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Many times when a new driver is behind the wheel with all of his friends in the car with him, he has not developed a certain level of wisdom that is required to determine who you should not listen to and now not to be distracted. If this new driver has an accident or gets caught speeding, it's usually
a matter where his/her friends were distracting her or egging them on to go faster.
Therefore, passenger license plates will be displayed on vehicle along with the driver's plate. If the driver gets a $100 fine, all of the other people in the car will have to split the cost.
||Everyone in the car should get the maximum fine.
||Quite often, the young driver is distracted by impressing the young girl in the seat next to him. Said passenger is not being actively distracting, she's just being there.
||I'm not sure, but I think this kind of thing is enforced by insuirance companies. If you're young and a high insurance risk, I believe some insurance companies will offer cheaper cover if you only drive in daylight hours or only drive with no passengers. If the report of your accident shows you were driving at night or with passengers, you're not insured.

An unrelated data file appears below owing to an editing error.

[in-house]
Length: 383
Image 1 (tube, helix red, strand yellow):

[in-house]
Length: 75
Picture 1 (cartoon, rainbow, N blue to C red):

||There's just no end to this business of legislating good
judgment in drivers. Age, alcohol, cellphones, passengers
... you can add to that list indefinitely. The problem is,
driving's a quotidian activity, something ordinary (i.e.
frequently stupid, careless) people do constantly. Ideas
like this don't address the root problem. Unfortunately,
what *would* address it (treating drivers' licences like
pilots' licenses) is not only impractical, but uninteresting
(hence, not even a good halfbakery idea).
||An alternative is to expand upon the system whereby
insurance costs increase if you engage in risky behavior
vide supra [hippo]. This works poorly, though, if the
events which trigger a rate hike are rare-but-costly. If you
kill three people in your first accident, only an economist
could take satisfaction in the fact that your insurance
premiums rise, making you more cautious in future.
||The only hope I see is for a technological fix, whereby AIs
take over more of the driving. Maybe there's an
intermediate solution, whereby black boxes rat on you to
your insurance company.
||...what about the baby in the car seat?